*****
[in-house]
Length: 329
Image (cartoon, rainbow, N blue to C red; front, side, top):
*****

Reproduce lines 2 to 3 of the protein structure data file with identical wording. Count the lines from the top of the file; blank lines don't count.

Length: 329
Image (cartoon, rainbow, N blue to C red; front, side, top):